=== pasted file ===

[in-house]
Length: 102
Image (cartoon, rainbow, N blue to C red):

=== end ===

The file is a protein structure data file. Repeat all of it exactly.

[in-house]
Length: 102
Image (cartoon, rainbow, N blue to C red):